Should I buy Clover Corporation? (ASX: CLV)

Clover Corporation (ASX: CLV) owns technology that allows them to turn fish oil into a power. Fish oil is a well-known source of Omega-3 which plays a crucial role in brain function. It is normally contained in breast milk and is included in baby formula, and that’s where Clover comes in. 67% of Sales are into Oceania, and that’s where the growth is. The company has two divisions. One is responsible for product innovation, the other, Nu-Mega Ingredients, is responsible for commercializing the products. Note: See this edit regarding the ethics of this company.

R&D spending is likely to be higher in FY2014, and the company faces ongoing margin pressures. Sales will need to continue to grow over the next few years to maintain profits. However, management have been instrumental in drawing attention to this risk, and have not been idle. Gross margins remain well above 30%.

More than a decade ago the company patented several processes known as micro-encapsulation which coated the tuna oil with dairy proteins and thus prevented the oil from exposure to air and subsequent oxidation.  The stable product is a free-flowing powder and is known as Driphorm. A major customer is Nutricia, manufacturers of Karicare infant formula. Clover also supplies Heinz. In February the company announced the renewal, for 5 years, of a supply arrangement that was almost certainly with one of these two companies.

Board and Managment of Clover Corporation

The CEO and Managing Director, Dr Ian Brown has announced that he will retire in FY2014. Two of the board members are also directors of Washington H Soul Pattinson (ASX: SOL). WHSP was a very early shareholder, and continues to hold over 30% of the shares on issue. Board and Management pay has been reasonable and the company has been paying reasonable dividends since 2008. The Directors all have a reasonable number of shares. There are no major corporate governance concerns, other than the dominance of the board by WHSP.

Clover Corporation has a Strong Balance Sheet

• Cash of $8.3 million, no debt
• Inventories of $14 million
• Receivables minus Payables equals $4.3 million

Cashflow and Return on Investment

One of the most impressive things about this company is that despite having an abortive and loss-making joint venture, the overall return on capital investment over the last 10 years has been really strong. Since 2004, the company has generated about $1.35 for every $1 they spend on capital expenditure, and have grown operating cashflow from about $200,000 to $2.8 million in FY2013. However, this figure is misleading. From 2012 to 2013 payables decreased slightly while receivables grew by about $2 million and inventories grew by about $1.7 million. But for this, cashflow would have been $6.5 million. However, to be conservative, I’ve used $5.25 million as my expected cashflow in FY2014.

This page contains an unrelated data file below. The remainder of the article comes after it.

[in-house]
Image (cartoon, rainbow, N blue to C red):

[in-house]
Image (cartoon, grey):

Clover Corporation Buy Price

I haven’t bought Clover shares. However, I’m pretty tempted at current prices. Using a 10% discount rate and 6% growth, I get a buy price of 47c – 50c. It seems likely that cashflow will be up and down in the future, as it has been in the past. However, the evidence suggests that the company will increase sales.

The main reasons I believe cashflow will grow are:
1. Strong demand for infant formula from China, and no obvious reason why customers would change supplier.
2. New product sales are expected in 2014 resulting from 2011 initiatives.
3. New product sales are expected in 2016/2017 from current initiatives (preterm clinical trial).

The main risks are:
1. Loss of a major customer.
2. Decreasing margins due to competition.

CLV

So, is Clover a buy? Comments are welcome!

Update regarding the Ethics of Clover Corporation

It’s been pointed out to me that there may be a strong ethical argument against Clover Corporation. The concern is that in developing countries, there is relatively poor awareness that breast milk is better than baby formula. Indeed, the WHO recommends that babies are breastfed for at least 6 months. These articles, published in the South China Morning Post and The Wall Street Journal elucidate the problem.